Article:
Conversation Theory - Gordon Pask


Background of Gordon Pask

picture of Gordon Pask

Pask’s  major work was the development of Conversation Theory and its applications in education.  This grew out of his work with cybernetics where he conceived human-machine interaction as a form of conversation, a dynamic process, in which the participants learn about each other.   He worked to build unifying bridges between the natural sciences, the social sciences, and the humanities.  His wish was to develop a social cybernetics that would help combat terrorism, oppression, and social conflict.  His vision was of a healthy society, in which there is unity without uniformity, love, peace, and justice for all.




The Theory Behind the Model

Conversation Theory is based in Pask’s interest in cybernetics.  Cybernetics can be defined as the theoretical study of control processes in electronic, mechanical, and biological systems.  It comes from the Greek word meaning steersman.  Some define it as the science of communication and control in the animal and the machine, or the communication within an observer and between the observer and his environment.


Conversation Theory as developed by Pask originated from this cybernetics framework and attempts to explain learning in both living organisms and machines.  The fundamental idea of the theory was that learning occurs through conversations about a subject matter which serves to make knowledge explicit.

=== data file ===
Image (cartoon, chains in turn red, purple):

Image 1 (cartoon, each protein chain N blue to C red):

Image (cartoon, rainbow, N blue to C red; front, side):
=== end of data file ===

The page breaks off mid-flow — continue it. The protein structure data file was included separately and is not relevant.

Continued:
Conversations can be conducted at a number of different levels:

§      Natural language (general discussion)

§      Object languages (for discussing the subject matter)

§      Metalanguages (for talking about learning/language)


In order to facilitate learning, Pask argued that subject matter should be represented in the form of  structures which show what is to be learned.  These structures exist in a variety of different levels depending upon the extent of the relationships displayed.  The critical method of learning according to Conversation Theory is "teachback" in which one person teaches another what they have learned.


Pask identified two different types of learning strategies:

§         Serialists – Progress through a structure in a sequential fashion

§         Holists - Look for higher order relations


For students to learn a subject matter, they must learn the relationships among the concepts.  For teachers, the explicit explanation of the subject matter facilitates student understanding (e.g., use of teachback technique).   However, students differ in their preferred manner of learning relationships (serialists versus holists).